Hydroponics is a type of agriculture that uses no dirt, and usually results in larger, fuller plants. I recently became interested in the topic, and decided to start my own vegetable garden using the Nutrient Film Technique (NFT). It involves a channel of nutrient enriched water constantly flowing past a plant's roots. The system that I'm demonstrating here is just one example of infinitely many possibilities. Take my work and use it as inspiration for developing a system that suits you and your needs.

Step 1: The Idea

Because hydroponics requires a resevoir for water to be drawn from and returned to simultaneously, and I was just building a small system, my design has two gullies. This allows the water to easily go full circle.

Along with the water pump, my system uses gravity to assist the flow of water. Each end of the PVC is one inch higher than the end that comes next in the circle. The end of the tube that water enters from is the highest, and the end that it leaves from is the lowest. To achieve this, I built supports out of lumber for the pipes. The supports also keep them high enough to be above the reservoir, so that gravity will return the water to it.
<p>i built this but it kinda failed. because we used slots instead of holes...</p><p>ooops</p>
<p>good idea</p>
<p>Hi</p><p>I have a quick question regarding the NFT. How do you start off the plants? I assume the roots need to be touching the &quot;film&quot; from the get go. Do you do this but pulling the roots through the net pot?</p><p>Thanks</p>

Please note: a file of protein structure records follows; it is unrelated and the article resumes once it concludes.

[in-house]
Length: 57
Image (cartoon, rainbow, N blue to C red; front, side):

<p>Hi,</p><p>From my experience, the roots don't need to be pulled all the way through the net pot to begin with. I generally just make sure the roots are touching the bottom of the net pot, or close to it. Then, I make sure that when the nutrient solution circulates it at least grazes the bottom of the net pot. Eventually the roots will find their way out the bottom of the net pot and become part of the root mat. Here's an example: </p><p>https://goo.gl/photos/6niWX4EcJUUDbBdU8</p>
<p>Yippee! Been looking for something like this! Aquaponics is too involved with fish and load-shedding (I live in south Africa) and all. Thanks. (Load-shedding means our electricity gets shut down every now and then for 6 -12 hours at a time.)</p>
Wow! Awesome idea. I am definitely gonna make this
cool system im gonna use it for a school project!
cool system im gonna use it for a school project!
cool system im gonna use it for a school project!
cool system im gonna use it for a school project! ?
cool system im gonna use it for a school project! ?
cool system im gonna use it for a school project!
cool system im gonna use it for a school project! ?
<p>I'm planning to build one of these soon, great work! One question, does it run 24/7, or do you have some sort of timer?</p>
I noticed that you didn't mention much about figuring out correct flowrates. Is that because different plants require different flowrates? Or is that something you just left to trial and error?
Hey i was just wondering if that exact system could grow cacti or venus fly traps?